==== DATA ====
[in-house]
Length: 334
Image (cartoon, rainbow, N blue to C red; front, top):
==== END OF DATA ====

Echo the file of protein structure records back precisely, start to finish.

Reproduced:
[in-house]
Length: 334
Image (cartoon, rainbow, N blue to C red; front, top):